We got the job in Jackson. We move again next fall, in 2016.
When Chris began to tell his friends and mentors that he had gotten the offer to work for the 5th circuit, they immediately asked him if he would apply to work for a Supreme Court judge for the year after Jackson. Having worked for the Supreme Court of Texas and for the 5th circuit would be a huge boost to his resume. Working for a Supreme Court judge in D.C. is the opportunity of a lifetime. It would put Chris's name before the people who would be able to later recommend him for a federal judge position later in his career. We agreed that he should apply.
In the past few weeks here in Austin, Chris has managed to meet up with several people who have connections to Chris and to the Supreme Court. They've been more than encouraging. It's been a beautiful thing watching this unfold... and yet, so terrifying.
As Chris's career opportunities have unfolded, I began to harbor a deep desire in my heart to have a baby. It began last fall, and I assumed it was out of sympathy for our friends who are expecting; that it was a feeling that would pass. It didn't. When March came, I confessed to Chris what I had been feeling. I told him that I wasn't intending to put pressure on him or on us, but that it had affected me in a way that wasn't too pleasant and asked him to pray for me.
We entered our year of so much change by praying together over the decision to have a baby... and we both felt convinced that Austin was not the place to start trying. When we found out about Mississippi, I felt my heart begin to break. I questioned how long God would ask us to wait. When we realized we should apply to D.C., my heart shattered. I looked ahead at uncertain waters, pushed off of the safety of the shore without paddles, praying God would guide me. I felt Him calling me to put my desire for our baby in a bottle—and to put that bottle in the ocean and let it drift.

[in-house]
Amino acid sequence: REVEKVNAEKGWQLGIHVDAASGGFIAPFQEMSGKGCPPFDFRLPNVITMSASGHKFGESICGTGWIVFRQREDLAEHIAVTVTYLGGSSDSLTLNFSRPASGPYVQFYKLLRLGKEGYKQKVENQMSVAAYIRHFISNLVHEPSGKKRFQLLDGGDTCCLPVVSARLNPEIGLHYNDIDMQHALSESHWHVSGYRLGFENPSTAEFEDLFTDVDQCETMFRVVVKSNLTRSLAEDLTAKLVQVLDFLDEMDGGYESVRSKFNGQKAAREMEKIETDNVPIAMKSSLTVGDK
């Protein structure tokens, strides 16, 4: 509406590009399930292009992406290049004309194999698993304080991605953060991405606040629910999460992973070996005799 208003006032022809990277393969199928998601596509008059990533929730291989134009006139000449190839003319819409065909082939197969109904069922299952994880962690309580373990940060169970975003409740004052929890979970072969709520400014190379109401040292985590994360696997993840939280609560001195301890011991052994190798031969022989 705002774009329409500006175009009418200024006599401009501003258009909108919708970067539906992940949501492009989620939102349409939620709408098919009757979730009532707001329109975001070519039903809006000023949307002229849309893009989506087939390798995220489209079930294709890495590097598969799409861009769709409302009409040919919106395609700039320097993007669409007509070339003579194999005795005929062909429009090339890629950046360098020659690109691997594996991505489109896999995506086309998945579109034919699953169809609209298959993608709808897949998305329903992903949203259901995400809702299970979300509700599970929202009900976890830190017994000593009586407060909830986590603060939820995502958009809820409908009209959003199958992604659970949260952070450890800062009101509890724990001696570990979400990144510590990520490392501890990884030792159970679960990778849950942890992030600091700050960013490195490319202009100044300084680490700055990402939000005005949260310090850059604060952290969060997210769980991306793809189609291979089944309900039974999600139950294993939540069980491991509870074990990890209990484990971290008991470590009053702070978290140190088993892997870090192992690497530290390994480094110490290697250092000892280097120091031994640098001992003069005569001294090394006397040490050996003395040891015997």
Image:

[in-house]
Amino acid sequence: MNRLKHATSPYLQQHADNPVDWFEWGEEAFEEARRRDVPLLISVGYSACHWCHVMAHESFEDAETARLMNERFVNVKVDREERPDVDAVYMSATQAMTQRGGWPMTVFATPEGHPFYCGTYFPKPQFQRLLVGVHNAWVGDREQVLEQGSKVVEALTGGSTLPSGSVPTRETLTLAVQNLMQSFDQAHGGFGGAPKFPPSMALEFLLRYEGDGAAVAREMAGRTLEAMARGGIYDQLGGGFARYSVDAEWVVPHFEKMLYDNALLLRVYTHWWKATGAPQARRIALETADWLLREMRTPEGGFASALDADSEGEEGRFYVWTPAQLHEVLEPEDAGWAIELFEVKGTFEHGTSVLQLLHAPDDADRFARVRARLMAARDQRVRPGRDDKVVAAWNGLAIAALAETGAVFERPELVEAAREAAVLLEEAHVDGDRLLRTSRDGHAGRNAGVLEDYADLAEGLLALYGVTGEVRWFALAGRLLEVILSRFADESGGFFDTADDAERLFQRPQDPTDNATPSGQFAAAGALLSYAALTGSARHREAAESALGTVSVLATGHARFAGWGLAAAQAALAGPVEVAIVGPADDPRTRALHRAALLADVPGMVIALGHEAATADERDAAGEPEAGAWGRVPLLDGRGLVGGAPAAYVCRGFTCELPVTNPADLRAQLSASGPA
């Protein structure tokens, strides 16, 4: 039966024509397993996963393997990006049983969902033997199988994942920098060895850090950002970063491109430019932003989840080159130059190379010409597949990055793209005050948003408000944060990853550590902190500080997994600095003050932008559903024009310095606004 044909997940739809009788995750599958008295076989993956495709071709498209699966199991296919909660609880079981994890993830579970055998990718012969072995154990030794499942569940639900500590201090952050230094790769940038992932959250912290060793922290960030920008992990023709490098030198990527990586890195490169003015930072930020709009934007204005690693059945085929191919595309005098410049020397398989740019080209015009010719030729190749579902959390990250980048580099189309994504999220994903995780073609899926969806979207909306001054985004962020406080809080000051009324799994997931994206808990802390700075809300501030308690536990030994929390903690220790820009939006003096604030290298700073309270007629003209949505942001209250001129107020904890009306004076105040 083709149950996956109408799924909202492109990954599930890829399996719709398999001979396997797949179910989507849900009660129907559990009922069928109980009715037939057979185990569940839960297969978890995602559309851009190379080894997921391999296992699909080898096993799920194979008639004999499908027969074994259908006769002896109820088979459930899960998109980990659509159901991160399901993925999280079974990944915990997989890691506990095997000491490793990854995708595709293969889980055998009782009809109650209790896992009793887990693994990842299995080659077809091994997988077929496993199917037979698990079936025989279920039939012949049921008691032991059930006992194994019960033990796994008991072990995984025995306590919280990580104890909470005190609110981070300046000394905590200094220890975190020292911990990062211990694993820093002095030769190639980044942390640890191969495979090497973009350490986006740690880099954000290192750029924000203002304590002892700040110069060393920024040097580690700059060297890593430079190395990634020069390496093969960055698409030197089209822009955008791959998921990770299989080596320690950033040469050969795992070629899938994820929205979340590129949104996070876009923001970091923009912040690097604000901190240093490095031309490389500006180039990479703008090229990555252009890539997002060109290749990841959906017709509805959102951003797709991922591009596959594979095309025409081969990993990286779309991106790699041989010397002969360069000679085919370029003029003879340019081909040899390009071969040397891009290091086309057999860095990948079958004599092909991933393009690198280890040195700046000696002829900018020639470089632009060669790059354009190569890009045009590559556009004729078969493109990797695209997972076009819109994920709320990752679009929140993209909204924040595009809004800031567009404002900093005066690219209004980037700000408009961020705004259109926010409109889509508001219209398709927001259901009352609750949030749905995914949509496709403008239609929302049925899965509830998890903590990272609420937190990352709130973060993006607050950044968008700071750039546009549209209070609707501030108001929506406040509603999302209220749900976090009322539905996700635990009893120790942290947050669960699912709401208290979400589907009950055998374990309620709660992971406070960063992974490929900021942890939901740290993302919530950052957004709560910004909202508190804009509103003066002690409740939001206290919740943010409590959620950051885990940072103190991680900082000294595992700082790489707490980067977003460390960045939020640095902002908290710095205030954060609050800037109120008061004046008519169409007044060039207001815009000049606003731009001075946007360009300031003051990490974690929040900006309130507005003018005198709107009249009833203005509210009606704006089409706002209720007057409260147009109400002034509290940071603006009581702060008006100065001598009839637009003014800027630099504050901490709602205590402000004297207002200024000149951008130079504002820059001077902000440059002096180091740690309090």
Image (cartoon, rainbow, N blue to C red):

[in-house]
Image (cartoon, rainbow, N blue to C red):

"Trust me to bring this back to you. I know you don't see how that's possible. I know you want to hold onto it, to have it in your control. But this is my doing. I am the Creator. Trust me to bring this back to you at the perfect time."
I wring my hands and wait. I question where we're going. The past year has been a battle between my head that knows God is good and my heart that isn't quite convinced. Once we moved to Austin, I started working from home, began seminary school, Chris began working, we began to adjust to a new city, and we totaled a car and got a new (to us) one. Depression entered my world quickly, sucking up any light in it's path and plunging me into darkness.